We’re producing accessible instructions, worksheets, and videos to help leaders run sessions with confidence, and we’ll also be planning training for leaders. We will work with our network of Code Clubs and CoderDojos to connect them with local sections to organise joint activities, bringing both kit and expertise along with them.
Today’s launch is just the start. We’ll be developing our partnership over the next few years, and we can’t wait for you to join us in getting more young people making things with technology.
Researchers havedemonstrated the ability to send inaudible commands to voice assistants like Alexa, Siri, and Google Assistant.
Over the last two years, researchers in China and the United States have begun demonstrating that they can send hidden commands that are undetectable to the human ear to Apple’s Siri, Amazon’s Alexa and Google’s Assistant. Inside university labs, the researchers have been able to secretly activate the artificial intelligence systems on smartphones and smart speakers, making them dial phone numbers or open websites. In the wrong hands, the technology could be used to unlock doors, wire money or buy stuff online – simply with music playing over the radio.
A group of students from University of California, Berkeley, and Georgetown University showed in 2016 that they could hide commands in white noise played over loudspeakers and through YouTube videos to get smart devices to turn on airplane mode or open a website.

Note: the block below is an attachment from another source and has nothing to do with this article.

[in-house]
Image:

This month, some of those Berkeley researchers published a research paper that went further, saying they could embed commands directly into recordings of music or spoken text. So while a human listener hears someone talking or an orchestra playing, Amazon’s Echo speaker might hear an instruction to add something to your shopping list.
Spencer Ackerman has this interesting story about a guy assigned to crack down on unauthorized White House leaks. It’s necessarily light on technical details, so I thought I’d write up some guesses, either as a guide for future reporters asking questions, or for people who want to better know the risks when leak information.
It should come as no surprise that your work email and phone are already monitored. They can get every email you’ve sent or received, even if you’ve deleted it. They can get every text message you’ve sent or received, the metadata of every phone call sent or received, and so forth.